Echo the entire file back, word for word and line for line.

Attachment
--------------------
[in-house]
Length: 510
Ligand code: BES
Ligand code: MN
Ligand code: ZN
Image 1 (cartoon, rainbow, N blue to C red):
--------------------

[in-house]
Length: 510
Ligand code: BES
Ligand code: MN
Ligand code: ZN
Image 1 (cartoon, rainbow, N blue to C red):